Xi'an City tour

Xi'an is the traditional starting point of the Silk Road, the point from where traders departed on their long cross continental voyages. The walled city of Xi'an, the capital of Shaanxi Province, is a vivid example of old meets new China. The modernised new city bustles around the quaint, winding lanes of the Old Quarter, where retired men spend their days smoking pipes playing mahjong and chess while butchers pull their carcass-laden carts and hawkers sell all manner of wares. Today, we will take in a city tour, starting on the old city wall which is the most complete ancient city wall in China. At 12m high and 15m wide, the 14km long wall is one of the largest ancient military defensive systems in the world and safeguarded the capital city of13 Chinese dynasties. A walk along the wall provides us with a glimpse into the ancient and modern life of the city and its inhabitants. Later we also visit the fascinating Shaanxi Provincial Museum which houses a collection devoted to the Silk Road. In the evening, there is an option to dine at a special dumpling restaurant, which is highly recommended and very unique (additional cost).Overnight: Ramada Bell Tower Hotel Xi'an or similar

Terracotta Warriors & Goose Pagoda

The thousands of Terracotta Warriors who stand outside the tomb of Qin Shihuang, were uncovered in 1974 by peasants digging a well. Each warrior stands over six feet tall and has individual features and characteristics. Some stand in a vanguard with crossbow and longbow bearers, others hold spears, daggers and axes at the ready. They are accompanied by dozens of horse-drawn carriages and enormous terracotta horses. The sight of the warriors arising from their muddy grave, some intact, others still submerged in the ground, is truly an extraordinary one. In the afternoon we’ll visit the Big Goose Pagoda which is a classic example of Chinese temple architecture. Originally built in 652AD during the Tang dynasty, it was rebuilt in 704 during the reign of Empress Wu Zetian, and its exterior brick facade was renovated during the Ming dynasty. One of the pagoda's many functions was to hold sutras and figurines of the Buddha that were brought to China from India by the Buddhist translator and traveler Xuanzang. Today, the interior walls of the pagoda feature engraved statues of Buddha by the renowned artist Yan Liben.This evening we have the option to attend a Tang Dynasty Dance Show.Overnight: Ramada Bell Tower Hotel Xi'an or similar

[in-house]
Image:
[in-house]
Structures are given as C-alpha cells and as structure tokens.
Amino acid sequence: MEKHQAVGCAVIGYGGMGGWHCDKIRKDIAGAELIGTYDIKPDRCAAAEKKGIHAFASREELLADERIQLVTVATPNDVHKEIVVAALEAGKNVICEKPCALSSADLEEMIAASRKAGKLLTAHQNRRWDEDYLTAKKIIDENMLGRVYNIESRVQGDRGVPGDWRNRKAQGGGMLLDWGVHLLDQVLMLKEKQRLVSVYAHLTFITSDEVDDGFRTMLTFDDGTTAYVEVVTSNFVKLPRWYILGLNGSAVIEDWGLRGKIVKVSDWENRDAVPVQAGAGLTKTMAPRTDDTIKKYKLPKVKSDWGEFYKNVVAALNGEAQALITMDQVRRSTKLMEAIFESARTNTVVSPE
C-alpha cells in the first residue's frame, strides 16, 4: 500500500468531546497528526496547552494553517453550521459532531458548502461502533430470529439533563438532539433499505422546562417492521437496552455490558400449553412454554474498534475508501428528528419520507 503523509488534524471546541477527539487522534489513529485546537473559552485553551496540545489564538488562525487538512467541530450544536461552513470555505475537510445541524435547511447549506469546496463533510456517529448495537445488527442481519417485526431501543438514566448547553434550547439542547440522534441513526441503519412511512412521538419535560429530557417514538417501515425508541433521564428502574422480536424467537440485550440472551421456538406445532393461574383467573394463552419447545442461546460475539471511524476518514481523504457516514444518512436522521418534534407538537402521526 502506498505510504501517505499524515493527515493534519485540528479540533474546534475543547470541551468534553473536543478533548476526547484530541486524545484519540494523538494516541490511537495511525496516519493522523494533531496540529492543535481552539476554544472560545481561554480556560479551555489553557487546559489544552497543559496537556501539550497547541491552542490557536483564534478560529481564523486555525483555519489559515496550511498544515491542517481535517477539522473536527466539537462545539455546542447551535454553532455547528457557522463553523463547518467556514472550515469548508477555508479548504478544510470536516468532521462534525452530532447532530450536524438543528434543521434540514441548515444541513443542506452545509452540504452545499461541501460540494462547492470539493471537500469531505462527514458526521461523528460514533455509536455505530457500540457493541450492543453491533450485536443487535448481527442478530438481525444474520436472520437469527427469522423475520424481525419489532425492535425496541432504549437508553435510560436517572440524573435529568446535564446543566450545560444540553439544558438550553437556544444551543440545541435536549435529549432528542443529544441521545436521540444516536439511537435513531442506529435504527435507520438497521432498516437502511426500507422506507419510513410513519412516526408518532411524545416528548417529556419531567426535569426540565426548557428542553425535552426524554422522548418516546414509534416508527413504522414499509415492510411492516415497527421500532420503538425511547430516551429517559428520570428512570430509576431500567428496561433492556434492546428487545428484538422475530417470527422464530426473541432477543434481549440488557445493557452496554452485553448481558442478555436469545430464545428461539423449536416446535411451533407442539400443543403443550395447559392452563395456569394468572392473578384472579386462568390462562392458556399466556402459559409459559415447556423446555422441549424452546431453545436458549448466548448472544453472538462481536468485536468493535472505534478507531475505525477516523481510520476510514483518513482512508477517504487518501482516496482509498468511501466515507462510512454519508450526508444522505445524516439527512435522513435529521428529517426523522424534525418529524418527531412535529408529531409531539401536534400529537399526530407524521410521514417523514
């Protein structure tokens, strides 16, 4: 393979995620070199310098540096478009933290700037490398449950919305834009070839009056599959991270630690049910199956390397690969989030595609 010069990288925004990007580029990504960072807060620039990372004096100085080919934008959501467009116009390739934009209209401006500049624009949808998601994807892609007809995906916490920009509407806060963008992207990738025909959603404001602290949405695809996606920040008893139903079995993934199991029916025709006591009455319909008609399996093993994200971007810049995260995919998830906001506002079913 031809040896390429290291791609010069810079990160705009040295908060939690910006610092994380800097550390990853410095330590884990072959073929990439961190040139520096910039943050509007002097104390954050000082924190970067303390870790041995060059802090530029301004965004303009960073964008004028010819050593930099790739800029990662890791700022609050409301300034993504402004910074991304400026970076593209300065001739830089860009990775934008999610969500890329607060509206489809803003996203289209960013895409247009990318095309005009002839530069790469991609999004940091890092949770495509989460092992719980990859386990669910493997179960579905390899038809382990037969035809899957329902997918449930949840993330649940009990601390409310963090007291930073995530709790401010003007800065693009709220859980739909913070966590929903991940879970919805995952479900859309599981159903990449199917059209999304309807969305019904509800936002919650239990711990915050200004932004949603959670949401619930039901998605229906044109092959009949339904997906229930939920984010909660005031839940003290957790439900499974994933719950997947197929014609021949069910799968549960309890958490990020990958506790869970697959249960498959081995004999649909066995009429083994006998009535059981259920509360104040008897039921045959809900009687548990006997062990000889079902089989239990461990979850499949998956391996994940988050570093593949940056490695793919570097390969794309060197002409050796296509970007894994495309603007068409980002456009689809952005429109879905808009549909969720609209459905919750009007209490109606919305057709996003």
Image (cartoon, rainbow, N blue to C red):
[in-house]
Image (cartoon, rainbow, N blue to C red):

Train to Lanzhou

This morning we transfer to the station to catch the high speed train to Lanzhou. Camel caravans traversed the rugged and barren Province of Gansu, as they threaded their way along the Silk Road. The capital Lanzhou is one of the oasis towns the caravans stopped in along the way. It has since become an industrialised city and remains a hub for travellers to this day. On arrival we enjoy a simple noodle lunch before a visit to the Gansu Provincial Museum. Home to the "Cultural Relics of the Silk Road" exhibition, it has some beautiful artifacts and a skeleton of a giant mammoth. From Lanzhou we ascend out of the city smog and into the clean mountain air, passing through beautiful, mountainous scenery and fascinating microcosms of minority life in China as we head towards Linxia, one of the main religious, cultural and commercial centers of China's Muslim community.Overnight: He Huang Pearl Hotel or similar